“Tonight we’re doing something that means something…” Imagine Dragons front man Dan Reynolds from the stage last night, commenting on the $10,000 raised for Children’s Hospital & Research Center Oakland, in conjunction with Brad Brooks as supporting band, KFOG, and Another Planet Entertainment, as well as The Independent, who played host to the amazing concert put on by the Las Vegas-based alternative band. Imagine Dragons, about to launch their first headlining concert series this Spring, put on an incredible performance to the sold out 500-capacity venue for this special one-off fundraiser. In stark contrast to the band’s explosive success over the past year, Dan and his group seem very humble and grounded; appreciative of their fans and career trajectory. Having had an opportunity to see them twice in as many months, I can say that they are one of the most exciting bands to see play live today, and I suspect that by the end of this year, they will be playing much, much bigger venues to huge crowds, as word spreads that they are a must-see band with fantastic music.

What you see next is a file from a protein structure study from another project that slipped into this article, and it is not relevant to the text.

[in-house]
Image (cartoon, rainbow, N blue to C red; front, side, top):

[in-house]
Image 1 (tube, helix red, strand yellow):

“We’d like for you guys to participate in this, because otherwise it just sits on its ass”. Music legend Juice Newton’s typically blunt and modest preface to the tremendous 80s country/pop crossover hits “Queen of Hearts” mixed with “Love’s Been a Little Bit Hard on Me”, as performed flawlessly (with audience providing the “clap-clap, clap” beat) at Yoshi’s in San Francisco in probably the most intimate show I’ve been to all year. The Juice Newton Trio, which was all acoustic strings with Jay Cawley and Danny Dugan both on guitars and providing backing vocals, Juice Newton stressed that this was a different sort of challenge and endeavor for her… a live concert sans the full band, which required the selection from of incredible songs from her catalog to be rearranged for a completely different result. And that result – simply amazing songs with the most artful delivery by one of the best vocalists in the business – was very moving and definitely sets the bar for soulful live music performances in small, intimate venues.